It’s Wednesday in Washington, a hundred degrees in the shade. A woman in a U.S. Senate hearing room is screaming “Yes means death!” Ted Cruz is in a Twitter war with Mahmoud Ahmadinejad, Kim Kardashian is parleying with Jared Kushner and Marco Rubio is threatening to “take care” of the conspiratorialist poop-disturber Alex Jones. Good times.
By comparison, the White House is an oasis of serenity, bleaching in the glare. The 72-year-old president is in his rotund office, governing. “I love Canada,” Donald Trump is saying. In the circular driveway, the 89-year-old Emir of Kuwait is getting out of his limo and griping, “Damn, it’s cold!”
Ha ha—fake news! It’s all fake news, the president of the United States is tweeting—the news in Bob Woodward’s new book that the Secretary of Defense thinks that Trump’s like “a fifth or sixth-grader,” the news that his own chief of staff called him “an idiot” and “unhinged,” the news that he labelled his own Attorney General “a retarded person,” the news that staff members hide important documents from the president of the United States to keep him from blowing up the planet, or making paper airplanes from the juridical writs.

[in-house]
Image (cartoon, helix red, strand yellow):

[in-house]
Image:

“Book is boring,” whines The Donald like a fifth or sixth-grader forced to practice the piano on a beautiful summer day.
“& untrue,” adds the man who knows untruth when he says it.
“Total fiction,” the president expands. Made up, a fantasy, never happened. Just like the Sandy Hook Elementary School shooting—just ask Alex Jones.
In late afternoon, yet another grenade hits the South Lawn. An anonymous, self-congratulatory op-ed in the New York Times by a “senior administration official—there are dozens or hundreds of these— describes a White House staff working actively to thwart the infantile urges of the man who won the 2016 election.
“Americans should know that there are adults in the room. We fully recognize what is happening. And we are trying to do what’s right even when Donald Trump won’t,” the spectre writes.